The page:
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John Dos Passos

John Roderigo Dos Passos (;}}}} January 14, 1896 – September 28, 1970) was an American novelist and artist active in the first half of the twentieth century. Born in Chicago, Illinois, he graduated from Harvard College in 1916. He was well-traveled, visiting Europe and the Middle East, where he learned about literature, art, and architecture. During World War I, he was an ambulance driver for American volunteer groups in Paris and Italy before joining the United States Army Medical Corps.

In 1920 his first novel, ''One Man's Initiation: 1917'', was published, and in 1925 his novel, ''Manhattan Transfer'', became a commercial success. In 1928, he went to the Soviet Union to study socialism, and later became a leading participant in the 1935 First American Writers Congress sponsored by the communist-leaning League of American Writers. He was in Spain in 1937 during the Spanish Civil War, when the murder of his friend José Robles soured his attitude toward communism, and led to severing his relationship with fellow writer Ernest Hemingway.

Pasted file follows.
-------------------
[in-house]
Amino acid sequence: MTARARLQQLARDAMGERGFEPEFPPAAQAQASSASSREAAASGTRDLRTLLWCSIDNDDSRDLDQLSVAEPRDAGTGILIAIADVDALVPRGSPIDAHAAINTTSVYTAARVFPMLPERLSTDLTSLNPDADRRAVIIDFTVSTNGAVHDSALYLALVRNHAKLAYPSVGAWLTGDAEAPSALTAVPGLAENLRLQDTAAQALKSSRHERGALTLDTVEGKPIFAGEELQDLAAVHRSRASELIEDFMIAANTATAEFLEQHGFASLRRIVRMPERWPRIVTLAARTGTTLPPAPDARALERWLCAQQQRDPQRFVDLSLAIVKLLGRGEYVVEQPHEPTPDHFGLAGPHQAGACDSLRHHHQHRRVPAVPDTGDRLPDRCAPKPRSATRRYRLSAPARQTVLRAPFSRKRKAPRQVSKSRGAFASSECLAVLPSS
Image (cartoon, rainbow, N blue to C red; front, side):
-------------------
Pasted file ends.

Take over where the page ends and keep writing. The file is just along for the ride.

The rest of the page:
Dos Passos is best known for his ''U.S.A.'' trilogy, which consists of the novels ''The 42nd Parallel'' (1930), ''1919'' (1932) and ''The Big Money'' (1936). In 1998, the Modern Library ranked the ''U.S.A. Trilogy'' 23rd on its list of the 100 best English-language novels of the 20th century.

By the 1950s, his political views had changed dramatically, and in the 1960s, he campaigned for presidential candidates Barry Goldwater and Richard M. Nixon.

An artist as well as a novelist, Dos Passos created his own cover art for his books, was influenced by modernism in 1920s Paris and painted. He died on September 28, 1970, in Baltimore. Spence's Point, his Virginia estate, was designated a National Historic Landmark in 1971.
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